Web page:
Incorporating: Classify "Doing business in"?


I've been looking into incorporating with a partner, and we're both in different states, and obviously looking over Delaware's incorporation laws.

With incorporation, each state says that you need to file for registration within each state that you want to "do business in".

Does this "doing business" include having employed workers?

Does it include having a physical address?

Does it include accepting money from people from this state? (unlikely, but it could be interpreted that way)

Would incorporating in DE and registering in another state have any additional costs besides the registration fees for those other states? (such as income taxes, etc)


Incorporation Registration

asked Sep 24 '10 at 05:02
205 points

2 Answers


One would need to know which state you are considering, because each state has its own definition. For example, in CA (where I practice) the definition of "doing business" is "entering into repeated and successive transactions of its business in this state, other than interstate or foreign commerce". (This issue is discussed in "Doing Business in CA? Be Sure to Register ".)

An issue that you did not raise: Rather than incorporating in DE and registering in your two home states, you should consider incorporating in one state and registering in the other - you could save some money. Please see "Why (not) Incorporate in Delaware? ".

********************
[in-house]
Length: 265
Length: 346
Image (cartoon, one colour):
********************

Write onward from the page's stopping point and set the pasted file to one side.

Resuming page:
Disclaimer: This post does not constitute legal advice and does not establish an attorney-client relationship.

answered Sep 24 '10 at 08:33
Dana Shultz
6,015 points
  • Dana, considering Oregon and Massachusetts. Incorporating in one and registering the other is certainly an option if the alternative is to register in both as well as inc'ing in DE. – Adam 13 years ago


Not a CPA or attorney so before making a decision seek out appropriate councel.

  • Employees: yes - Tax withholding
  • Physical Address: yes - Property Taxes
  • Accepting money: where was it accepted (physical location) and do you have a physical location to sell the service/product there. So lets say you sell widgets in MN and have a web site that then gets sold to someone in MN. Sales taxes then apply. The state of incorporation governs whom gets paid corporate tax but because there are many other taxes that apply this doesn't get you out of the other taxes that apply.
  • answered Sep 24 '10 at 05:57
    John Bogrand
    2,210 points

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